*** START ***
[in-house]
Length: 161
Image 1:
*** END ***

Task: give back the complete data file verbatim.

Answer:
[in-house]
Length: 161
Image 1: